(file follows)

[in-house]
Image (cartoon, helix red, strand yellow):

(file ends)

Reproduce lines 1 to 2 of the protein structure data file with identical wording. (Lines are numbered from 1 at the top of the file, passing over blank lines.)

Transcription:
[in-house]
Image (cartoon, helix red, strand yellow):